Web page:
Reprinted with permission from Business Law Today, January 2021. ©2021 by the American Bar Association. All rights reserved. This information or any or portion thereof may not be copied or disseminated in any form or by any means or stored in an electronic database or retrieval system without the express written consent of the American Bar Association.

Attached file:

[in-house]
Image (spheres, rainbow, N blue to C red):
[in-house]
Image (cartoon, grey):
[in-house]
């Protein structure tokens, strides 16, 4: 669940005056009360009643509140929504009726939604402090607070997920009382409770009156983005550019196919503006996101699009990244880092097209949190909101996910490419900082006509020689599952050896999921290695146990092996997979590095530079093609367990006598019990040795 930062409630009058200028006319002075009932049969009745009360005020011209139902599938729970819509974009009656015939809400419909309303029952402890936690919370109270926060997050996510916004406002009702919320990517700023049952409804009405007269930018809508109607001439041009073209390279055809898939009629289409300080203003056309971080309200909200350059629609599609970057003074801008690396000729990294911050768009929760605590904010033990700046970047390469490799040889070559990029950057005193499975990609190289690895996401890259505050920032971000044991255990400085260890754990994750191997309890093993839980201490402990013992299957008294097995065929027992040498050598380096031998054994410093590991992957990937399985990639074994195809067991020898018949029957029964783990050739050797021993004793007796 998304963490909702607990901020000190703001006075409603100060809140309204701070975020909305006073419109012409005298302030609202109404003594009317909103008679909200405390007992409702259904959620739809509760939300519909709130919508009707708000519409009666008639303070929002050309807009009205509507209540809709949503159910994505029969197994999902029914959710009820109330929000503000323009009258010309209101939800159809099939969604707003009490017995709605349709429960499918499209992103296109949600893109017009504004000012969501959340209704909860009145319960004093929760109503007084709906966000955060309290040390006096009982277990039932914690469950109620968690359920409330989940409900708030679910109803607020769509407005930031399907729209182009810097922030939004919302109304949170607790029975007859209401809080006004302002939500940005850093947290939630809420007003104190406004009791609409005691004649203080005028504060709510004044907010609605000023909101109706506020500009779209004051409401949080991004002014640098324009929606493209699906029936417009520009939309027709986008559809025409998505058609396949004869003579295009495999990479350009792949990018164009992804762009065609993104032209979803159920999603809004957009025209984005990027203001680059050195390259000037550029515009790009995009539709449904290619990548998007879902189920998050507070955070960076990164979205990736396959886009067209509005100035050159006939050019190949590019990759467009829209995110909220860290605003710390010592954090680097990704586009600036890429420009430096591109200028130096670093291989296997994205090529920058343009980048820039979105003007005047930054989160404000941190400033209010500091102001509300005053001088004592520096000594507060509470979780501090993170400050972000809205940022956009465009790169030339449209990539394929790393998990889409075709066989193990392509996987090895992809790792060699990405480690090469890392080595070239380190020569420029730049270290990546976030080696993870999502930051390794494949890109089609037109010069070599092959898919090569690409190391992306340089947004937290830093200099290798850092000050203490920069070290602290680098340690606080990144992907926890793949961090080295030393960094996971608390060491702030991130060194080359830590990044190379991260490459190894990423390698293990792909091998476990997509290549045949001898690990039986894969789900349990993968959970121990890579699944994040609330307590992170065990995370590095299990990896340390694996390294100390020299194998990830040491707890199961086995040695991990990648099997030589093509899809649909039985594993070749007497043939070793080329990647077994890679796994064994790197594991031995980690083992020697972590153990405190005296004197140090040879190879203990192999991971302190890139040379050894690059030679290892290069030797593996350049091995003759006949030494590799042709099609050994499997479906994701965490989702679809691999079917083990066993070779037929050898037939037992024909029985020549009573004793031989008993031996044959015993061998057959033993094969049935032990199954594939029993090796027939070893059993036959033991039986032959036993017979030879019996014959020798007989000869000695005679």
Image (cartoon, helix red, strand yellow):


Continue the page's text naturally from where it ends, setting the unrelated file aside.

Recent events have spurred a social justice movement that has called for companies to commit to inclusion and diversity, specifically in the composition of their boards of directors.* In light of the foregoing, on December 1, 2020, Nasdaq filed a proposal with the U.S. Securities and Exchange Commission (“SEC”) that, if approved by the SEC, would condition a company’s continued listing on Nasdaq’s U.S. exchange on the satisfaction of certain board diversity and disclosure requirements. In proposing this rule, Nasdaq conducted its own internal study on the diversity of Nasdaq-listed companies, including a review of more than two dozen third-party studies on the effects of board diversity. Nasdaq concluded that a positive correlation exists between diverse boards and improved corporate governance and financial performance.
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